Thumb Ligament (Ulnar Collateral Ligament) Injury

Written by admin on October 29, 2012 – 10:08 am -

Chris Paul of the Los Angeles Clippers, Henry Blanco of the Arizona Diamondbacks, and Jeremy Bridges of the St. Louis Cardinals are three of many professional athletes who have recently sustained injures to the ulnar collateral ligament of the thumb. Paul is on schedule to return to regular season play on October 31st versus the Memphis Grizzlies–10 weeks after surgical repair and rehabilitation of his Ulnar Collateral Ligament. It may be difficult to contemplate that such a small ligament can cause such a detrimental effect on an athlete’s season, but as the key stabilizer of the main joint of the thumb, the UCL is the sine qua non of thumb stability and grip strength. It is usually torn by forceful hyper-abducting of the thumb. Hyper-abduction is bending backwards toward the radius bone of the forearm (or away from the hand). This is typical of a fall onto one’s hand with fingers outstretched or when a football player’s right thumb is caught in the jersey of an opponent moving to the player’s left.

Partial tears are more common and can be managed with bracing or casting for several weeks. Complete tears require operative intervention. The surgical procedure is simple and is a direct repair of the ligament to its normal attachment site using bone anchors (screws with suture attached). The screws are countersunk into the bone the sutures are passed into the end of the ligament and tied. This pulls the ligament back to its normal attachment site. The thumb is immobilized for 4-6 weeks, followed by an additional 2 weeks of protected range of motion, so that 8 weeks following the surgical repair the athlete is ready to return to play. Non-operative of treatment UCL injuries requires functional bracing for 4-12 weeks (depending upon severity) and daily active range of motion exercises. Athlete’s often choose the surgical option for its shorter rehabilitation time, and lower likelihood of chronic instability of the metacarpal-phalangeal joint.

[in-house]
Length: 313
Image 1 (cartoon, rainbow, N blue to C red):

Dr. Mark Galland is a Board Certified Orthopaedic Surgeon specializing in sports medicine, practicing in Wake Forest and North Raleigh. He serves as team physician and Orthopaedic consultant to the Carolina Mudcats, High-A Affiliate of the Cleveland Indians of Major League Baseball, as well as several area high schools and colleges. Dr. Galland can be reached at (919) 562-9410 or by visiting www.orthonc.com or www.drmarkgalland.com.

Caitlin Davis, ATC/LAT is a post graduate fellow at GOSM… For more information, visit us at www.atcfellowship.com

References

Godges, DPT, MA, OCS, J. (n.d.). Thumb ulnar collateral ligament repair and reabilitation. Retrieved from http://xnet.kp.org/socal_rehabspecialists/ptr_library/04WristandHand Region/26Hand-ThumbUlnarCollateralLigamentRepair.pdf

Katolik, L., Friedrich, J., & Trumble, T. (2008, November). Repair of acute ulnar collateral ligament injuries of the thumb metacarpophalangeal joint: a retrospective comparison of pull-out sutures and bone anchor techniques.. Retrieved from http://www.ncbi.nlm.nih.gov/pubmed/18971729.

Rotoworld. (2012, August 7). Player page – henry blanco. Retrieved from http://www.rotoworld.com/player/mlb/2449/henry-blanco

Rotoworld. (2012, September 2). Player page – jeremy bridges. Retrieved from http://www.rotoworld.com/player/nfl/742/jeremy-bridges

SportingNews NBA. (2012, October 20). Chris paul trying to break hesitation after recovering from hand injury . Retrieved from http://aol.sportingnews.com/nba/story/2012-10-20/chris-paul-hand-injury-update-los-angeles-clippers-team-usa-stats-roster-schedul


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